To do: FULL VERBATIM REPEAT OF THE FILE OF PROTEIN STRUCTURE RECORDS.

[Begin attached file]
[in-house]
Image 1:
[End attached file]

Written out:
[in-house]
Image 1: